Record Jury Award Against Airplane Mechanic Faride Khalaf

Dr. Ken Gottlieb’s Cessna 182 took off from Napa Airport with only Dr. Gottlieb aboard. As the Cessna climbed from the runway, it turned in the wrong direction. It collided with high terrain just north of the airport. Dr. Gottlieb was killed on impact. His body was ejected and the aircraft exploded and burned.

The NTSB ruled the crash was caused by pilot error, finding that Gottlieb encountered poor weather, became confused, and failed to follow the correct instrument departure procedure.Dr. Ken Gottlieb

The family asked us to investigate. We learned that Gottlieb’s instructor had flown with Gottlieb a few days before the crash. The instructor found Gottlieb (pictured right) to be well-versed in the Napa departure procedure and otherwise meticulous in his flying. The instructor felt it unlikely that Gottlieb would become confused and turn in the wrong direction. As far as the instructor was concerned, whatever caused the crash was “out of Ken’s control.”

Faride Khalaf (pictured below) was the plane's mechanic.  We learned that Khalaf began working on general aviation aircraft only after he was fired from United Airlines. We uncovered evidence that Khalaf had performed maintenance on Gottlieb's aircraft without properly recording the work in the aircraft’s logs. In fact, Khalaf performed undocumented repairs on the pilot’s seat just a few weeks before the crash.

We examined what little remained of the wreckage and found two things that were unusual. First, we saw evidence that, at the moment of impact, the pilot seat was in the full aft position. Second, the pilot’s seat belt was unbuckled.

Based on their forensic work, our experts testified that as Gottlieb climbed away from the runway, his seat suddenly and unexpectedly slid to its full aft position and jammed. Gottlieb’s hands and feet could not reach the aircraft’s controls and the aircraft flew off course, out of control. Gottlieb unbuckled his seat belt so that he could scoot on his knees up to the aircraft’s control wheel.  But before Dr. Gottlieb could regain control of the aircraft, it crashed into the hillside.

Faride KhalafThe pilot seat slid back and jammed because Khalaf’s undocumented work was improperly performed.  He charged the aircraft owners for new seat parts, but did not install them. Instead, he illegally jury-rigged the existing seat release mechanism. The faulty repair held up for a while, but failed just as Gottlieb took off, causing the seat to slide back and jam in place.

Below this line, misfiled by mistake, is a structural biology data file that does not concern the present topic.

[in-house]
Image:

Making matters worse, we found emails from Khalaf on Gottlieb’s hard drive. Gottlieb had asked Khalaf to perform an annual inspection of the aircraft just days before the crash.   Khalaf's emails confirmed that he had in fact "finished with the annual" and that the plane was "good to go."  Based on Khalaf's confirmation that the plane was safe to fly, Gottlieb departed on his flight from Napa. But, in fact, Khalaf never inspected the plane at all. All he did was change the oil, to make it appear as though he had serviced the aircraft when in fact he had not.  Had Khalaf performed the inspection, he might have learned that his previous improper repairs were about to fail.  

Earlier this afternoon, the jury entered its verdict against Khalaf for $13,360,000. The verdict is believed to be a record amount in California for the death of someone over age 65.

Khalaf's attorney quit the case one year before the trial was set to begin. Khalaf elected to representCessna 182 N23750 himself during the 7 day trial. Adbi Anvari of Air West Aircraft Engines testified as Khalaf's expert.  Khalaf called Dr. John Kane to testify about medical issues that Khalaf contended afflicted the pilot, but the judge ruled the doctor to be unqualified and refused to allow him to take the stand.

Dr. Gottlieb was a prominent San Francisco forensic psychiatrist.  He left his wife Gale, daughter Tamar, and son, Mike who is a lawyer and special assistant to President Obama.

Before trial, Gottlieb's family offered to drop the suit entirely if Khalaf agreed to surrender his mechanic’s license. Khalaf refused.  That means despite the verdict, Khalaf is still legally entitled to work on aircraft and return them to service.

 

 

Khalaf Verdict

Limited Liability Companies May Protect Aircraft Owners

It’s not uncommon for three or four pilots to share ownership of an aircraft. For years, owning an aircraft as “partners” was the norm. That form of ownership, however, carries with it some liability considerations.